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In-Depth: San Diego medical experts weigh-in on COVID-19 vaccine second dose delays

Posted at 6:14 PM, Feb 16, 2021
and last updated 2021-02-16 21:14:25-05

SAN DIEGO (KGTV) Scheduling a second COVID-19 vaccine dose continues to be a problem for some San Diegans.

Some second-dose appointments were even delayed by about one week when a vaccine shortage caused the Petco Park vaccination super station to close down for three days.

ABC 10News has heard from viewers, worried that they won’t get the second dose within the recommended time frame; 21 days after the first dose for Pfizer-BioNtech, and 28 days after for Moderna.

“Just because you’ve been delayed, whether it be eight days or 14 days, doesn’t mean you’re not going to respond appropriately. We believe you can respond appropriately,” said Dr. David Pride, Director of Molecular Microbiology for UC San Diego Health.

Pride says when you receive the first COVID-19 vaccine dose, your body starts working to provide protection.
“You’re really sort of trying to prime your immune system to start responding,” he said. “Most importantly, you’re trying to create in such a way that your immune system is trying to remember having seen that virus before.”

The second dose, or booster, then ramps up that immune response.

Pride said shooting for the 21 or 28 days is ideal, but if that’s not possible. He said there is some leeway.

The Centers for Disease Control and Prevention (CDC) recently updated guidance on its website to say, “The second dose should be administered as close to the recommended interval as possible. However, if it is not feasible to adhere to the recommended interval and a delay in vaccination is unavoidable, the second dose of Pfizer-BioNTech and Moderna COVID-19 vaccines may be administered up to 6 weeks (42 days) after the first dose.”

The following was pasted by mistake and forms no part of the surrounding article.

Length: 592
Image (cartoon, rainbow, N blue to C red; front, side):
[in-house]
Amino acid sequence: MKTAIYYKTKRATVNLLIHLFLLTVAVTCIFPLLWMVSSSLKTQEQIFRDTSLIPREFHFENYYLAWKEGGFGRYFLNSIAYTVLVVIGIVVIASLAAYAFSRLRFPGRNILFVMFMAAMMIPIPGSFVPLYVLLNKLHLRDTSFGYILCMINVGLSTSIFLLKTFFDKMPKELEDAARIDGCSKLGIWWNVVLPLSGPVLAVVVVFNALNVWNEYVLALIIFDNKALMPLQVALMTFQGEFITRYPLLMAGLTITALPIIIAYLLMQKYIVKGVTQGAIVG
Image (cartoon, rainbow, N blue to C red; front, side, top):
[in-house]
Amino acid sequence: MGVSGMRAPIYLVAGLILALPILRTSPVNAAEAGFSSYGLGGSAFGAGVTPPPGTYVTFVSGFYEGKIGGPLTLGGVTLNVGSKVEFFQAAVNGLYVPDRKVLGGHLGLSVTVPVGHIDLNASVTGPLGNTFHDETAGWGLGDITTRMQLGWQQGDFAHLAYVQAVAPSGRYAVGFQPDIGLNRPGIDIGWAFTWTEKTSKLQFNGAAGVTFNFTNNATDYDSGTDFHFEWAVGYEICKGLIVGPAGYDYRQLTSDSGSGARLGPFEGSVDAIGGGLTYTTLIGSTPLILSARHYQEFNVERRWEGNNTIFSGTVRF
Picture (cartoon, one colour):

“They came up with 42 days based on data and studying the population and getting a feel for how the body mounts the immune response,” said Merissa Corey, Pharmacy Supervisor at Sharp Chula Vista Medical Center.
“There’s not a lot of data out there, but the limited data they have has said ‘if it is not feasible to get the shot at the optimal time, and it’s unavoidable, that you have up to 42 days to get the shot from the first dose without compromising your body’s immunity’.”

Both Corey and Pride agree people should strive to get the second dose within the original recommended timeframe because that has been studied the most; however, if your appointment is delayed, follow the CDC guidelines and get the second shot within the 42-day window.

“Do not be concerned you are still able to mount an immune response if you are within 42 days of your first dose. The closer to day 21 and 28, the better, but overall you have a safety margin now that the CDC has given you.”

“You’ve already been afforded some level of protection from having that first dose, continue to stay vigilant and perform your social distancing, masking, don’t travel.” said Pride. “Don’t be too disappointed because that second dose of the vaccine got delayed.”